|I planted a new Autumn Blaze Maple tree this spring and the leaves look like they have rust spots on them. Our soil is clay, but I amended the soil with compost. It gets plenty of sun. It has produced new leaves but they get rusty too.|
|Several fungal leaf spot diseases can infect maple, including anthracnose, Phyllosticta leaf spot, and tar spot. Extended periods of cool, moist weather, as new leaves are emerging, favor these diseases. Your description leads me to believe the problem is Phyllosticta leaf spot. This disease is characterized by orangy/tan or brown spots with darker margins. Sometimes the diseased centers dry and fall out leaving holes in the leaf. Later, fruiting bodies of the fungus (black pepper-like dots) develop within the leaf spots.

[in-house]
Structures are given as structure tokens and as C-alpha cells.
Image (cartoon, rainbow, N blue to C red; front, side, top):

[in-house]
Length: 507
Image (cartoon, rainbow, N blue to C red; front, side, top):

The fungi overwinters on leaves and twigs that were infected the preceding year.
The spotting may appear unsightly, but rarely causes more than minor damage to the tree so chemical controls are not usually recommended. Raking the leaves in the fall and pruning dead or dying branches remove fungal material will help reduce new infections next spring. Because your tree has developed this problem two years in a row, I'd consider using a fungicide early next spring to protect the new growth. Fungicide application should begin at bud break to protect the young, succulent growth. Repeat applications, according to directions on the fungicide label. Read the label carefully and apply only as directed. Fungicides containing copper such as Microcop are currently labeled for fungal leaf spots of Maple. Best wishes with your tree.